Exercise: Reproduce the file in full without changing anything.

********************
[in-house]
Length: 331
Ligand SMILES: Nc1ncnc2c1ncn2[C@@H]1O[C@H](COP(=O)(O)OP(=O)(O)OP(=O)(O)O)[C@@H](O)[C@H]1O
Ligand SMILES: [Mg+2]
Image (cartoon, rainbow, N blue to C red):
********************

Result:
[in-house]
Length: 331
Ligand SMILES: Nc1ncnc2c1ncn2[C@@H]1O[C@H](COP(=O)(O)OP(=O)(O)OP(=O)(O)O)[C@@H](O)[C@H]1O
Ligand SMILES: [Mg+2]
Image (cartoon, rainbow, N blue to C red):